Scenes From A New Music Séance: Kate Stenberg, violin & Eva-Maria Zimmermann, piano
A truly heterogeneous collection–the whole thing including, not excluding. To listen to this CD from one end to the other is an inspiring journey. "Double" has had some fine performances before, but none like this. I am grateful–and moved. The coloring of the sounds, the precision of the rhythms and the forming of the phrases–very convincing. – Pelle Gudmundsen-Holmgreen, Copenhagen
I’m glad to say that the duo who play on this CD are not only first-rate technically but get under the skin of the music....Charles Amirkhanian’s Rippling the Lamp, which receives its first recording here, is an immensely interesting piece that seems to morph and weave its way through a mere 7:40 and grabs the listener’s attention from start to finish. The composer says that one of his influences was a one-movement violin concerto by Swiss composer Willy Burkhard “that somehow reminded me of the modal music of Lou Harrison.” Here, the live violin merges with pre-recorded overlaid violin drones, “then moves away from them in major and minor turns” with occasional short quotes from the Burkhard concerto. It should also be noted that the “live” violin part is only partially composed; some of it is improvised by the performer. –
Lynn René Bayley, FANFARE
Since 1993, Other Minds in San Francisco has produced an annual music festival comprising only music of living composers who themselves are in attendance. Over the years, Conlon Nancarrow, Meredith Monk, Lou Harrison, Terry Riley, Laurie Anderson, Sam Rivers, Per Nørgård, La Monte Young, Louis Andriessen, and Ge Gan-ru, Philip Glass, and Peter Sculthorpe have been among the 164 guests at our festivals.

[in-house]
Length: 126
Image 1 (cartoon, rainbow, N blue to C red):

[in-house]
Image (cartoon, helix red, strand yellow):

Other Minds composers mostly are individualists who have made a point of doing things their own way. They invent new instruments, strategies or techniques that are very personal and that announce their creators as boundary pushers.
But these individualists flourished because others, equally daring, led the way. Where would Conlon Nancarrow have been without the inspiration of Henry Cowell who suggested the idea of using a player piano to compose and perform multiple melodies simultaneously at different speeds? How would Sam Rivers have learned music arranging and composition without lessons from the only composer who would take a young and impoverished African-American jazz musician in the late 1940s— Alan Hovhaness?
At some point it seemed appropriate that Other Minds honor the deceased progenitors of American experimental music by presenting their music side by side with their spiritual offspring. And thus was born “A New Music Séance”—a short series of day-long concerts events held in 2005, 2007 and 2008 at the rustic and historic Swedenborgian Church, built in 1895 in San Francisco.
The printed concert programs were subtitled, somewhat tongue in cheek, “Summoning the specters of musical forbears, channeling the spirits of their successors”—carrying forward the séance conceit.